Trails Roc

There are two Aid Stations in this race that are a little tricky to get back and forth between in a timely fashion. The group was worried they wouldn’t make it back in time for me when I was running the stretch, so they’d hatched a plan for the 2nd time through. I’d wait at Trails Roc Aid Station with Doreen and Gloria while Ashley and Stephanie drove onto The Rock Pile. Doreen, Gloria and I walked the .25 mile to the Trails Roc station. It was pouring and we quickly took shelter under their pop-up tents. Ashley remained in the car trying to get some rest before her next leg. We’d wait for Stephanie and then Gloria would head out and I’d walk Stephanie to the car. It is a little complicated to explain, but ultimately Doreen and I spent about 2 hours hanging at Trails Roc while Gloria was running and Ashley was getting settled at her next spot. This was a great plan except for two things. It was really cold, and I hadn’t napped yet! By the time I would be back in the car, Doreen would be running and I’d be up next.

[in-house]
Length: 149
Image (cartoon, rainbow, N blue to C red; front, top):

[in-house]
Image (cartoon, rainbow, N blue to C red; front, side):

I stayed reasonably warm with Scott’s New York City marathon poncho and Doreen was really chilled in a trash bag and her running gear. I gave her my sweatshirt to wrap around her, but it didn’t help a lot. Thankfully they had a lovely fire that we mostly stood around. I ate what felt like a ton of food here. It was the middle of the night and I was really hungry. Doreen was struggling with stomach upset and wasn’t able to eat much at all, and she was very cold. My morale dipped here. I was tired and scared for my section. I was worried about not being able to stay awake for my run. We talked intermittently and I shut my eyes occasionally but soon it was time for Doreen to head out. I’d be next. We’d drive to TenKates and I would start preparing.

TenKates